saucy


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sauc·y

 (sô′sē)
adj. sauc·i·er, sauc·i·est
1. Impertinent or disrespectful, especially in a playful or lively way: a saucy servant; a saucy smile.
2. Attractive or stylish, especially in being sexually alluring: a saucy dress.
3. Having the consistency of or covered with sauce: saucy meatballs.

sau′ci·ly adv.
sau′ci·ness n.

saucy

(ˈsɔːsɪ)
adj, saucier or sauciest
1. impertinent
2. pert; jaunty: a saucy hat.
ˈsaucily adv
ˈsauciness n

sau•cy

(ˈsɔ si)

adj. -ci•er, -ci•est.
1. impertinent; insolent.
2. pert; jaunty: a saucy little hat.
[1500–10]
sau′ci•ly, adv.
sau′ci•ness, n.
ThesaurusAntonymsRelated WordsSynonymsLegend:
Adj.1.saucy - characterized by a lightly pert and exuberant quality; "a certain irreverent gaiety and ease of manner"
spirited - displaying animation, vigor, or liveliness
2.saucy - improperly forward or bold; "don't be fresh with me"; "impertinent of a child to lecture a grownup"; "an impudent boy given to insulting strangers"; "Don't get wise with me!"
forward - used of temperament or behavior; lacking restraint or modesty; "a forward child badly in need of discipline"

saucy

adjective impudent, cheeky (informal), impertinent, forward, fresh (informal), flip (informal), rude, sassy (U.S. informal), pert, disrespectful, flippant, presumptuous, insolent, lippy (U.S. & Canad. slang), smart-alecky (informal) a saucy joke

saucy

adjective
Translations
hubatýoprsklýšťavnatý
frækvovet
räväkkäsähäkkätomeratopakka
ósvífinn
papuľnatý

saucy

[ˈsɔːsɪ] ADJ (saucier (compar) (sauciest (superl)))
1. (= cheeky) [person] → fresco, descarado
don't be saucy!¡qué fresco!
2. (esp Brit) [joke, humour, postcard, photo] → picante; [clothes] → provocativo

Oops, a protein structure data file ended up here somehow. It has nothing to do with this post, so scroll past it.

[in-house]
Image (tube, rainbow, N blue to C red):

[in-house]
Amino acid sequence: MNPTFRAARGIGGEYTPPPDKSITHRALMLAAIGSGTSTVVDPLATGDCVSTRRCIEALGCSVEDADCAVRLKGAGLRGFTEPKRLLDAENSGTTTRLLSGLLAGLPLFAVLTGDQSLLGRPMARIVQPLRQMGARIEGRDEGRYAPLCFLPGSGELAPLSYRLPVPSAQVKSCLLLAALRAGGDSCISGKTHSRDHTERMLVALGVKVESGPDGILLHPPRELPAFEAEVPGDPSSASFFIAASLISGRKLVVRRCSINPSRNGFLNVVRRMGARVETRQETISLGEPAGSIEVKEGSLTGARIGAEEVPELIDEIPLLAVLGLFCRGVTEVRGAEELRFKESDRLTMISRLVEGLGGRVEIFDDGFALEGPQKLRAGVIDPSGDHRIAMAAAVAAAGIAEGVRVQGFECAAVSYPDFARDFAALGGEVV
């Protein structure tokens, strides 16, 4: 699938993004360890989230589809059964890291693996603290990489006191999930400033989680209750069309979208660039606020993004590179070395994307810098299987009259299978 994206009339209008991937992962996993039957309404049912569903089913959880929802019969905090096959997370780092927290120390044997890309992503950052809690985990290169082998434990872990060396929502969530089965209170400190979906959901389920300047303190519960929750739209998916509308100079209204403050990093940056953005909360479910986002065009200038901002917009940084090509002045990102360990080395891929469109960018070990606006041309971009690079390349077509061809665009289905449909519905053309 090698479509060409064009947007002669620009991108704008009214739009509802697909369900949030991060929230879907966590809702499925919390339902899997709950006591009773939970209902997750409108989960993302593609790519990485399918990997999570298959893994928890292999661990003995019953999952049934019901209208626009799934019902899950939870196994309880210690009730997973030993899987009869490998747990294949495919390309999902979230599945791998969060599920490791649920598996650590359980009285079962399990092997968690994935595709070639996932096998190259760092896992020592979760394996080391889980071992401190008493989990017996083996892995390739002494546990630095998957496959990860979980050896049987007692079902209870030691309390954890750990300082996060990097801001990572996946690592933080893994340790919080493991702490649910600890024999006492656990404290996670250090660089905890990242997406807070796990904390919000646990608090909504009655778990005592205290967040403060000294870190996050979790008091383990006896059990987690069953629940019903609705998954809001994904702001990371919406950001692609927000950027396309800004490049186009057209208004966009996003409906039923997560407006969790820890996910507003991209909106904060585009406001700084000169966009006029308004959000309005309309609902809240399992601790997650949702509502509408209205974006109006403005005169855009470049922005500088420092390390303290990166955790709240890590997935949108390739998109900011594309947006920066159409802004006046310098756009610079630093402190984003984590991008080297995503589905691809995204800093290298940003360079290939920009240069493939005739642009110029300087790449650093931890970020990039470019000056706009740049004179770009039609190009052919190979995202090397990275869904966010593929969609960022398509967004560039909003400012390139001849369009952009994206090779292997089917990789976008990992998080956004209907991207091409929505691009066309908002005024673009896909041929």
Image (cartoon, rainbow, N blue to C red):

saucy

[ˈsɔːsi] adj (= cheeky) → impertinent(e)

saucy

adj (+er)
(= cheeky)frech; don’t be saucy!sei nicht so frech!
(= suggestive) joke, humouranzüglich, schlüpfrig; picture, clothesgewagt, aufreizend; with her hat at a saucy anglemit frech or keck aufgesetztem Hut

saucy

[ˈsɔːsɪ] adj (-ier (comp) (-iest (superl))) (impertinent) → sfacciato/a, impertinente; (look) → provocante

sauce

(soːs) noun
a usually thick liquid that is poured over other food in order to add moisture and flavour. tomato sauce; an expert at making sauces.
ˈsaucy adjective
slightly rude. a saucy remark.
ˈsaucily adverb
ˈsauciness noun
ˈsaucepan (-pən) , ((American) -pan) noun
a deep pan usually with a long handle for boiling or stewing food.
References in classic literature ?
I wish I could, and be done with it," said I, trying not to be saucy.
I was saucy and impertinent to him, Leo, like you are with people sometimes, and I wish somebody had made me behave.
She was saucy the next, moving her head up and down, making "eyes" at Robert and making "mouths" at Beaudelet.
if you are friends to the king and have business with the army, your way would be to follow the river down to Edward, and lay the matter before Webb, who tarries there, instead of pushing into the defiles, and driving this saucy Frenchman back across Champlain, into his den again.
I know he's always a saucy creature," said Rosa, poising herself on one of her little feet, and looking maliciously at Adolph.
Aladdin's friendship to Huldah: Huldah so bright, saucy, and pretty; so gay and ready, and such good company
Think she must of the possible difference to the poor little boy; and yet she only gave herself a saucy conscious smile about it, and found amusement in detecting the real cause of that violent dislike of Mr.
His peevish reproofs wakened in her a naughty delight to provoke him: she was never so happy as when we were all scolding her at once, and she defying us with her bold, saucy look, and her ready words; turning Joseph's religious curses into ridicule, baiting me, and doing just what her father hated most - showing how her pretended insolence, which he thought real, had more power over Heathcliff than his kindness: how the boy would do HER bidding in anything, and HIS only when it suited his own inclination.
His fishing-boat was called The Saucy Sally--a cutter-rigged sloop.
Thou art a saucy groom,'' said the robber, ``but of that anon.
But do let us get by, my dear count," continues the brat, with a saucy curtsey.
Don Quixote was about to reply, but was prevented by the duke and duchess, who came in to see him, and with them there followed a long and delightful conversation, in the course of which Sancho said so many droll and saucy things that he left the duke and duchess wondering not only at his simplicity but at his sharpness.